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Inter-Code Comparison of Variably Saturated Fluid Flow and Prediction of Percolation through a Tailings Impoundment in Southeast Nevada, USA.
AuthorWhitman, Spencer Kade
AdvisorBreitmeyer, Ronald J.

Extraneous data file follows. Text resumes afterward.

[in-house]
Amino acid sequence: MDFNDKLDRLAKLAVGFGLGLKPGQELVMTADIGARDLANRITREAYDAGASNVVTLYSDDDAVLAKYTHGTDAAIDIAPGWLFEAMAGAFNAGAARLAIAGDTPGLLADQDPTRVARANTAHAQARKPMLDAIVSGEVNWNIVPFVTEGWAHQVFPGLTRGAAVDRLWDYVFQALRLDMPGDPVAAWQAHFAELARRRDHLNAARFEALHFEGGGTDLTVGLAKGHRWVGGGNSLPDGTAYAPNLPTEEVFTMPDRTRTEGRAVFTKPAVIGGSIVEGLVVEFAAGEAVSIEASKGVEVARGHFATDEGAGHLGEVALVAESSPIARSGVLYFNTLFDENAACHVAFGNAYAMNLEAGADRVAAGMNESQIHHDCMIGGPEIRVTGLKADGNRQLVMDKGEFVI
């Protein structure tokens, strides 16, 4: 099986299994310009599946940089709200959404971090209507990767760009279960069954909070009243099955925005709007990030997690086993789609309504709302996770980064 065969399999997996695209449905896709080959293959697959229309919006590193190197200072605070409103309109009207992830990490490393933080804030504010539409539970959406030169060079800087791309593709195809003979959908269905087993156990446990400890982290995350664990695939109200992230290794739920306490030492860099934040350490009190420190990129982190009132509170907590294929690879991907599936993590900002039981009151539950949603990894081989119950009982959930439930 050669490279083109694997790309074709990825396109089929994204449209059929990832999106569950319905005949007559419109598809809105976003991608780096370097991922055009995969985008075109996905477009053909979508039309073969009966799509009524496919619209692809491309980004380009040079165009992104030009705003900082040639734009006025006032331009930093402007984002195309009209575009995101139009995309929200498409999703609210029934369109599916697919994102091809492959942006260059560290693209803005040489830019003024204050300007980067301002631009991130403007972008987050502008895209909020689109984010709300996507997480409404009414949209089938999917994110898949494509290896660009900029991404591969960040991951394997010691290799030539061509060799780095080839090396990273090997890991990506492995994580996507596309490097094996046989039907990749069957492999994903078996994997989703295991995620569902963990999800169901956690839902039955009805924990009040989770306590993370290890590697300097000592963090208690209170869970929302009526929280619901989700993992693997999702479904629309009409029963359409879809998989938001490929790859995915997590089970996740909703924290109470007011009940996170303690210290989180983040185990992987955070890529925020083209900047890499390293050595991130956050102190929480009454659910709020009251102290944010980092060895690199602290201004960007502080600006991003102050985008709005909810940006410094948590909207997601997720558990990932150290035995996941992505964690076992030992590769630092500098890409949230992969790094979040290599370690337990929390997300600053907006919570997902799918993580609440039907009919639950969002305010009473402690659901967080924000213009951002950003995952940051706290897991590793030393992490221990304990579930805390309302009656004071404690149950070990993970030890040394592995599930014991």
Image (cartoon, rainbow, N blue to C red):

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Hypothetical infiltration columns were simulated to evaluate the performance of 6 different modeling codes (HYDRUS 1D, HYDRUS 2D/3D, HELP, SV FLUX, UNSAT-H, and VS2D) at simulating near ground surface water balance processes occurring at mine process components (e.g. tailings pile or heap leach pile) under a simplistic scenario. Model results suggest that various codes for unsaturated flow arrive at similar solutions for identical models of well-defined problems. A literature review of several previous model comparison studies was conducted in order to provide insight into considerations for more complicated and realistic modeling scenarios. Unsaturated zone hydrologic modeling, field investigations, and laboratory analysis were conducted for a legacy tailings impoundment in Caselton, Lincoln County, Nevada to assess the potential for percolation of meteoric water through the tailings material. Field investigations consisted of field-saturated hydraulic conductivity testing, in-situ density measurement, and collection of tailings samples for laboratory analysis. Laboratory analysis included determination of field moisture content, bulk (dry) density, and water retention curve measurement by hanging column, pressure plate, and chilled mirror hygrometer methods. Hydrologic models of the tailings were performed using a variety of conceptual models, hydraulic property models, finite element discretizations, temporal boundary condition data resolutions, tailings hydraulic property descriptions, and lower boundary conditions. Numerical, mechanistic hydrologic flow models predict percolation rates ranging from 51 - 0 mm/yr. through the tailings, while previous efforts utilizing non-mechanistic water balance models predict a rate of 3.2 mm/yr., suggesting that significant variability exists in the model results depending on model approach and assumptions. Some simulations utilizing more complex and physically representative models resulted in higher percolation rates than the HELP simulation, which is counter to common assumptions of overprediction of drainage for simple water balance approaches.